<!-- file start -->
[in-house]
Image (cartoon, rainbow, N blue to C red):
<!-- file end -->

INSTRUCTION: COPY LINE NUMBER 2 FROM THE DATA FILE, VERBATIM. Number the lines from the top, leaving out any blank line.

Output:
Image (cartoon, rainbow, N blue to C red):